A few years ago, Mel O’Callaghan reconnected with a mineral gifted by her grandfather, mineralogist Albert Chapman. When O’Callaghan looked at the specimen, she saw something. “I held it up to the light and noticed inside there was this pocket of water,” she says. During this time, the artist had been filming a video in Borneo that explored deep caves, and the loss and fruition of new life within. The same sense of curiosity that compelled O’Callaghan to the caves drew her to the water inside the mineral. She found herself asking, “Did it have potential for life? Was this water containing bacteria?” The way forward became clear: “I then decided I wanted to go as far as I could to explore the origin of life.”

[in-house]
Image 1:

While such a vast project would eventually lead to the exhibition Centre of the Centre, it first took O’Callaghan to the deep sea. The artist began collaborating with deep-sea scientists, people she calls “explorers charting new territory, new matter”, and travelling to the East Pacific Rise, an underwater volcanic mountain range, and the Verde Island Passage in the Philippines.
While intuitively encompassing the scientific and the poetic is a staple of O’Callaghan’s practice, the research experience cultivated O’Callaghan’s aesthetic desire to ascribe value to life itself: to understand the metaphysical qualities of life in deep sea.
Artistically, this resulted in a three-channel video work taken from her travels, a performance piece she describes as “one communal lung that connects people through breath”, and an installation of glass sculptures that centres on the concept of ritual. “Ritual always has a dual function,” explains O’Callaghan. “It’s sacred, yes. But it’s actually a very practical tool. It’s cohesive and cathartic.” Collectively, these works posit the origins of life as a connective tissue.